I grew up in the ‘90s, which meant most of my sex ed came courtesy of the teen magazines I'd steal from my older cousin. Apparently, nothing sold copies faster than true stories of almost getting toxic shock syndrome (TSS)—a condition which 11-year-old me understood to mean death by tampon.
Why was everyone so afraid of toxic shock syndrome? As Dr. Anita Sadaty, OB/GYN at Northwell Health explains, a lot of the fear surrounding TSS in the ‘90s was left over from the first cases that had surfaced just a decade earlier.
In 1978, a new type of high-absorbency tampon made of rayon fibers (now discontinued) was introduced, which many believe caused a few more cases of TSS than the Centers for Disease Control and Prevention (CDC) was used to seeing (we’re talking six out of every 100,000 menstruating tampon users per year). “There was a time in history where you were completely afraid of using a tampon because of reports in the media," says Dr. Sadaty.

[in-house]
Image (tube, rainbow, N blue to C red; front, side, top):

But how exactly does leaving a super absorbent tampon in for too long have the potential to kill you? Here's what you need to know about toxic shock syndrome, including the truth behind the myths you may have grown up believing (like I did), and how often you should actually be changing your tampon.